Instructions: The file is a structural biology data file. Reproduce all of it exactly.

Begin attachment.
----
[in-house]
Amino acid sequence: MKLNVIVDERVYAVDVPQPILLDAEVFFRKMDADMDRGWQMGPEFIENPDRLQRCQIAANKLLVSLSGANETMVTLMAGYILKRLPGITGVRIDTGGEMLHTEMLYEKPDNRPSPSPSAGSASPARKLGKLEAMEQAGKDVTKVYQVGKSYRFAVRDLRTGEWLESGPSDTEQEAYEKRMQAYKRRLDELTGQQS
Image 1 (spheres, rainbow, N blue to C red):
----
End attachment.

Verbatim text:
[in-house]
Amino acid sequence: MKLNVIVDERVYAVDVPQPILLDAEVFFRKMDADMDRGWQMGPEFIENPDRLQRCQIAANKLLVSLSGANETMVTLMAGYILKRLPGITGVRIDTGGEMLHTEMLYEKPDNRPSPSPSAGSASPARKLGKLEAMEQAGKDVTKVYQVGKSYRFAVRDLRTGEWLESGPSDTEQEAYEKRMQAYKRRLDELTGQQS
Image 1 (spheres, rainbow, N blue to C red):